Configuration Fuzzing for Software Vulnerability Detection

Dai, Huning; Murphy, Christian; Kaiser, Gail E.

Many software security vulnerabilities only reveal themselves under certain conditions, i.e., particular configurations of the software together with its particular runtime environment. One approach to detecting these vulnerabilities is fuzz testing, which feeds a range of randomly modified inputs to a software application while monitoring it for failures. However, fuzz testing makes no guarantees regarding the syntactic and semantic validity of the input, or of how much of the input space will be explored. To address these problems, in this paper we present a new testing methodology called configuration fuzzing. Configuration fuzzing is a technique whereby the configuration of the running application is randomly modified at certain execution points, in order to check for vulnerabilities that only arise in certain conditions. As the application runs in the deployment environment, this testing technique continuously fuzzes the configuration and checks "security invariants" that, if violated, indicate a vulnerability; however, the fuzzing is performed in a duplicated copy of the original process, so that it does not affect the state of the running application. In addition to discussing the approach and describing a prototype framework for implementation, we also present the results of a case study to demonstrate the approach's efficiency.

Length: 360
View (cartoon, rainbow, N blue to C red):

More About This Work

Academic Units
Computer Science
Department of Computer Science, Columbia University
Columbia University Computer Science Technical Reports, CUCS-041-09
Published Here
July 16, 2010